Step 2. If at all possible, give the money back. If an apprehended bank robber holds his bag of cash at arm's length and says, "Take it, and -- heh heh -- let's just forget the whole thing," the police laugh. Traditionally, though, the House and Senate ethics committees have been more understanding. Last year, for example, the House committee found that Rep. Dan Daniel had improperly accepted 68 free airplane rides from Beech Aircraft, but recommended "no penalty" after he repaid the company.

For Biaggi, unfortunately, this step isn't practical. In the 52-count Wedtech case, he's accused of extorting $3.6 million in stock by threatening to withdraw his influence -- too much moolah to return in one lump. In the Coastal case, the whole issue is moot because, after finally admitting that Esposito paid his vacation tab, Biaggi loudly insisted there was nothing improper about the arrangement.

Step 3. Hold a legal-defense fundraiser. Biaggi ignored this one the first time around, but he should reconsider it as a Wedtech option. Legal fees are expensive! Especially when umpteen appeals are factored in. Thus, a few trend setters have hit on the idea of holding a legal-defense fundraiser packed with loyal followers who are happy to shell out for their besieged man. There are two basic styles: 1) Cheesy and 2) Classy. Classy works better. In 1978, Rep. "Dapper" Dan Flood, then up to his Dali mustache in bribery charges, held a reception at the Treadway Motor Inn near Wilkes-Barre, Pa. For $10, contributors got two drinks and a performance by Lefty and the Polka Chaps. Sixty-one people showed. In contrast, Rep. Harold Ford -- currently up on fraud charges -- held a much nicer April rally in Memphis and netted $68 K.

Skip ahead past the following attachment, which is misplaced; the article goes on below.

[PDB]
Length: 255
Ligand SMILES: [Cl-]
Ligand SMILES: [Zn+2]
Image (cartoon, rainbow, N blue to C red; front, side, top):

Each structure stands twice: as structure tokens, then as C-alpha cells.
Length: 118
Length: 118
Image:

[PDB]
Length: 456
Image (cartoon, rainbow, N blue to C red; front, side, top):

Step 4. Use the "stranger-in-paradise" routine: You can't help it if good-hearted friends shower you with gifts. Bingo! Here's where Biaggi shines. The key to his defense in the Coastal case was to prove that the "donated" vacations were a loving act of friendship, not influence buying. This was tough, because the FBI had taped phone conversations that indicated otherwise. In one, Esposito is heard telling a third party that the Biaggi vacations were "good money invested." In another, taped in August, Biaggi seems to be doing some heavy coaching. Biaggi: "You didn't give it to me because I'm a member, member of Congress." Esposito: "Nah. Never, no bull. No way." B: "Have you ever done . . . anything for me?" E: "Have I ever done anything for you?" B: "I told them {the FBI} 'no' . . ." E: "That's right." B: "And that's the way we're gonna keep it."

That, uh, didn't help his obstruction defense. Still, the jury bought it when Biaggi's lawyer argued that it would be absurd to think that Biaggi, whose net worth was said to be $2 million, would risk his career for two free vacations.

Hmm. Does this seem illogical? As a layman, you need to remember that "logic" isn't always part of the wiggle equation. Remember Rep. Ozzie Myers, who testified at his Abscam trial that he didn't intend to "do anything" in exchange for the bribe he took. "It seemed like a chance to pick up some easy money," he yawned. "It seemed like a fairy tale." Remember Sen. Harrison Williams. At his Abscam trial, he said he thought his Arab was just a dopey, lonely foreigner who tried to give away money to make friends.

Remember, toss your hat up, and applaud. ::

Next: Wedtech, and advanced wiggle steps 5 through 8!